What is OECD?
The Organization for Economic Co-operation and Development (OECD) is an inter-governmental organization that gathers 34 countries that are committed to the market economies and the democratic politic systems that, together, represent 80% of the world’s GDP.
The OECD is an organization where countries compare, interchange experiences of public policies, identify better practices, promote decisions and recommendations, and, through those and other legal instruments, come to an agreement and commit to reach standards of high technical level and advanced political will. To do so, the dialogue, consensus, evaluations and reviews among the countries shape the core of the OECD work, which constitutes one of the largest and most trustworthy sources globally in the area of social and economic information and statistics.
The OECD’s mission is to support the economic growth, increase employment, improve the quality of life, maintain the financial stability, help other countries in their economic development, and contribute to the world’s economic trade. However, not only the member countries participate in the Organization. Business associations advise OECD through the Business and Industry Advisory Committee (BIAC) and the Trade Union Advisory Council (TUAC).
The work of the OECD extends beyond its members through the Center for Cooperation with Non-Members (CCNM), the Development Center and a series of regional initiatives present in East Europe, the Caucasus and Central Asia, Asia, Latin America and the Middle East.
For a long time, this organization was formed by only first world countries and so called the “Rich Club”. However, it has reached a regional balance by inviting other countries of lower income to be member and/or participate in its activities. Among these countries we find BRICS countries, Argentina and others.
Goals and Functions:
- To support sustainable economic growth
- To promote employment
- To improve life standards
- To maintain financial stability
- To collaborate with economic growth of other countries
- To contribute world’s commercial growth
For more information visit OECD website: www.oecd.org and OECD Center for Latin America
As the following chart shows, the scope of topics the Organization covers is incredibly wide. In reality, the only important political areas not covered constantly by OECD are: defense politics, sports and culture.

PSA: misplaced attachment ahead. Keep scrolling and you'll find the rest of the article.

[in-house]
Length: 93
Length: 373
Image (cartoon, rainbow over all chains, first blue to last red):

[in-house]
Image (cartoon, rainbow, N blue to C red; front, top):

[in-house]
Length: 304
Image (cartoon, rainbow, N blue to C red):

During its five decades of existence, the organizations’ accomplishments have been especially relevant due to its presence in different areas; the following are just a few:
Since the mid 90’s, the work in the OECD, and especially in the strategic report “Shaping the 21st Century”, has been pioneer in the design of the Millennium Development Goals (MDGs). The OECD actively participates in the measurement of the progress accomplished in each one of the eight goals and it was one of the agents that developed the indicator that measures them.
The Program for International Student Assessment (PISA) constitutes the main world reference to evaluate knowledge and skills of high school students. There are also other initiatives that include other segments of the population (not only students).
The OECD has been one of the first organizations to study the economic implications in the actions to revert the emissions of greenhouse gasses, providing pioneering and feasible formulas to take effective decisions and build a post-Kioto scene. The organization has been a fundamental agent in the negotiations rounds of climate change.
The OECD has over 75 legal instruments to fight against corruption, and the transparent and good governance promotion. OECD has had a fundamental role against tax evasion. Instruments such as the Convention on Combating Bribery of Foreign Public Officials in International Business Transactions and the OECD’s Principles for the Integrity in Public Acquisitions are contributing to generate a cleaner and more transparent global economy.Go up
OECD Member Countries